A chick-lit tweak of the Dickens classic.
Caroline’s soul is dead, all right. Clicking down the streets of Manhattan or through the hallways of the fashion magazine where she works, she leaves a slime trail of contempt and superiority wherever she goes. It’s Christmas Eve, and she’s set to spend the holiday alone, gifting herself with free swag she’s acquired as an editor. But the day goes downhill fast: The woman whose so-last-season boots Caroline sniffed at in the elevator turns out to be her new boss, who swiftly fires her; she’s dumped by her therapist; she has zero prospects for a date on New Year’s Eve (not that anybody could meet her standards); and her mother is apparently spending the holiday in (horrors!) Branson, Mo. Smith (Love Monkey, 2004) spends ample time establishing just how shallow Caroline is while pinpointing the tiny ember of human sympathy inside her (e.g., she misses her father). But eventually, the Marley stand-in (a ditzy roommate) and those three ghosts arrive: Past (a cover model), present (the UPS guy) and future (that creepy old skeleton) paint a portrait of a needy, rude and shallow woman who’s destined to life in flyover country if she’s not careful. The novel is stuffed with snarky wisecracks, many of which are utterly groan-worthy (a combination SUV-Volkswagen, for example, is called a HumBug). But the bigger problem is that Smith spreads himself too thin—he’s trying to imagine a Gotham stuffed with quirky folks (most notably a Spoonerism-spouting place-kicker for the New York Jets), while trying to adhere to Dickens’s redemption-tale template, yet he strains to make sure Caroline doesn’t become too sickly-sweet. What’s left is a morality tale that tries not to get into all that messy morality stuff—Caroline eventually concedes that other people are worth her time and care, but she’s making darn sure she remains the center of attention.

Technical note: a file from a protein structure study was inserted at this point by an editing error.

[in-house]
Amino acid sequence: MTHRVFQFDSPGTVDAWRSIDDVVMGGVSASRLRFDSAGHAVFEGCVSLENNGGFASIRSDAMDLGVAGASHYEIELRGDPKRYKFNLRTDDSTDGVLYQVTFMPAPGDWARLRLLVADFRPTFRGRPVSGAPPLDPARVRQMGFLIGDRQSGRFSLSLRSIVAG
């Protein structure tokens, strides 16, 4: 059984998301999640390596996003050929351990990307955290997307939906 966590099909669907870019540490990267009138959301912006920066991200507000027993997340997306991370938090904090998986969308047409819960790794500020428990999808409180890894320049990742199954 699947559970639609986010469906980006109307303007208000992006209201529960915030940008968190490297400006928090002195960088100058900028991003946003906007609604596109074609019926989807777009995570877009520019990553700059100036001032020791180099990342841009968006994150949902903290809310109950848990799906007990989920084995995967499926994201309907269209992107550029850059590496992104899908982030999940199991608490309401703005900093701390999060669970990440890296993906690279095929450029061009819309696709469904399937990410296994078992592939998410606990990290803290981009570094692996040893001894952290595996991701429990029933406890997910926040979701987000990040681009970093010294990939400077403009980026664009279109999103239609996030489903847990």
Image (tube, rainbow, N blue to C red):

The Scrooge is the same, but the message is muffled.